We need a new generation of wise and bold contenders for the faith and of writers and prophets to 'out-think, out-live and out-die' the world (to poach the historian T R Glover's words), but now also the dissident and revisionist voices and trajectories within the Church. In Alister McGrath's 1993 book The Renewal of Anglicanism, he quotes (on pp. 112-3) Professors John MacQuarrie and Stephen Sykes (later Bishop of Ely), both well-respected Anglican theologians , but neither known as conservative, who argue that liberalism is essentially a negative, even destructive, trend in Anglicanism -- a 'cuckoo in the nest', a trend 'that leads to a type of theology that is parasitic' and corrosive to the main body of the faith and truth in the form of either or both catholicism and evangelicalism, 'in the sense that it criticises the tradition without making any contribution of its own to what ought to be a growing and expanding tradition'. So it is for those who inhabit the historic tradition of the faith to rise up in an new generation of witnesses, stewards and watchmen.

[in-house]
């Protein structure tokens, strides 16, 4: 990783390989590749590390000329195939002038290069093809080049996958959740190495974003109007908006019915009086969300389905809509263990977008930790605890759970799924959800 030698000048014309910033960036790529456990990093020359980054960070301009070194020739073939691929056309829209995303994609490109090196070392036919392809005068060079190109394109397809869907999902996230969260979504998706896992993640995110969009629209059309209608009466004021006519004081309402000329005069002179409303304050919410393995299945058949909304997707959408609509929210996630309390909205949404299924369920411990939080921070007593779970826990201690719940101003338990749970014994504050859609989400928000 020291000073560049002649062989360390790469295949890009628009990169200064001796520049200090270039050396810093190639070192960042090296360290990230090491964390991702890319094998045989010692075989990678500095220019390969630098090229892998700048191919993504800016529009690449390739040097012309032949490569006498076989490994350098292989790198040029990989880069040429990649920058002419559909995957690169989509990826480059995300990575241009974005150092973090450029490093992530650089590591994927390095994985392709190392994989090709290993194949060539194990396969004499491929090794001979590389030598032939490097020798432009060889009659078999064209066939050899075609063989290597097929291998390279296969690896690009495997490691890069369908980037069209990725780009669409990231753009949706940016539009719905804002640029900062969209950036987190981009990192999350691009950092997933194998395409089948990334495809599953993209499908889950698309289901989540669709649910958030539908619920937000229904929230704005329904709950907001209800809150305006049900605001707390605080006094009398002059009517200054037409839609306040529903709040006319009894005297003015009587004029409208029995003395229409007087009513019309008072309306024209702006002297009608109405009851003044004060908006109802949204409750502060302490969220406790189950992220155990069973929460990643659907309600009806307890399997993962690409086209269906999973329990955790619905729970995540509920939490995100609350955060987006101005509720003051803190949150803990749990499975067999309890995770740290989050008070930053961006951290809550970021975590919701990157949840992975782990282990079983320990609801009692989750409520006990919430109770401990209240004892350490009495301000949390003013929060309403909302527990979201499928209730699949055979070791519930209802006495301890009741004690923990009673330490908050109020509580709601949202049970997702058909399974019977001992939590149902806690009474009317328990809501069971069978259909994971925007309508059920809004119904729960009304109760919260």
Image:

In 2018, Reform merged with Church Society, and it looks after three years as though it is in effect merged into Church Society. Church Society has indeed upheld the Reformed faith of the CofE for some 150 years, but it is innately, because constitutionally, committed to staying and fighting from within the Church. Reform had a 'twin-track' approach, which is currently expressed in ReNew (within) and AMiE (Anglican, but outside the CofE). The Anglican Mission in England (AMiE) emerged in the 2000s and was recognised by GAFCON in 2011. Under the aegis of the GAFCON Primates, AMiE is now one of two Convocations (diocese-in-the-making), the other being the Anglican Convocation in Europe (ACE), both under the GAFCON-recognised new Anglican structure of ANiE (the Anglican Network in Europe), under its Bishop Andy Lines. Meanwhile, Anglican Mainstream is no longer a 'network of networks'. It has slimmed, but sharpened its focus in rigorously promoting historic Christian Marriage and Family Life and values and in galvanising and resourcing all who will engage robustly and Christianly with the massive cultural wars in the West.